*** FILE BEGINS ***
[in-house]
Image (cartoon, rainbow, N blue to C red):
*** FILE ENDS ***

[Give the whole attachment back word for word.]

[in-house]
Image (cartoon, rainbow, N blue to C red):